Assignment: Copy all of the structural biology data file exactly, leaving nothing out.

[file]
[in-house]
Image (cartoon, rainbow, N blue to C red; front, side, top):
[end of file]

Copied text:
[in-house]
Image (cartoon, rainbow, N blue to C red; front, side, top):